The knitting tension also determines which yarns can replace each other. As long as you achieve the same knitting tension you can replace one yarn with another.

See DROPS lesson: How to measure your tension/gauge

See DROPS video: How to make a gauge tension swatch

The required amount of yarn is provided in grams, eg: 450 g. To calculate how many balls you’ll need you first need to know how many grams are in 1 ball (25g, 50g or 100g). This information is available if you click on the individual yarn quality on our pages. Divide the amount required with the amount of each ball. For example, if each ball is 50g (the most common amount), the calculation will be as follows: 450 / 50 = 9 balls.

The important thing when changing from one yarn to another is that the knitting/crochet tension remains the same. This is so that the measurements of the finished piece will be the same as on the sketch provided. It is easier to achieve the same knitting tension using yarns from the same yarn group. It is also possible to work with multiple strands of a thinner yarn to achieve the knitting tension of a thicker one. Please try our yarn converter. We recommend you to always work a test swatch.

Please NOTE: when changing yarn the garment might have a different look and feel to the garment in the photo, due to individual properties and qualities of each yarn.

See DROPS lesson: Can I use a different yarn than the one mentioned in the pattern?

All our yarns are categorised into yarn groups (from A to F) according to thickness and knitting tension – group A contains the thinnest yarns and group F the thickest. This makes it easier for you to find alternative yarns to our patterns, should you wish to switch yarn. All yarns within the same group have a similar knitting tension and can easily replace each other. However, different yarn qualities have different structures and properties which will give the finished work a unique look and feel.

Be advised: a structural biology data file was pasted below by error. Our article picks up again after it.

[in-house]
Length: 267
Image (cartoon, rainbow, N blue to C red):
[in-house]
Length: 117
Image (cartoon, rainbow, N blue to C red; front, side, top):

Click here for an overview of the yarns in each yarn group

At the top of all our patterns you’ll find a link to our yarn converter, which is a helpful tool should you wish to use a different yarn than suggested. By filling in the yarn quality you wish to replace, the amount (in your size) and number of strands, the converter will present good alternative yarns with the same knitting tension. Additionally it will tell you how much you’ll require in the new qualities and whether you’ll need to work with multiple strands. Most skeins are 50g (some are 25g or 100g).

If the pattern is worked with multiple colours, every colour will have to be converted separately. Similarly, if the pattern is worked with several strands of different yarns (for example 1 strand Alpaca and 1 strand Kid-Silk) you will have to find alternatives for each, individually.

Click here to see our yarn converter

Since different yarns have different qualities and textures we have chosen to keep the original yarn in our patterns. However, you can easily find options among our available qualities by using our yarn converter, or simply pick a yarn from the same yarn group.

It is possible that some retailers still have discontinued yarns in stock, or that someone has a few skeins at home that they would like to find patterns for.